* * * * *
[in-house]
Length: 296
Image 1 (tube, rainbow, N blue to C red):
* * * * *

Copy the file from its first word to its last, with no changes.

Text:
[in-house]
Length: 296
Image 1 (tube, rainbow, N blue to C red):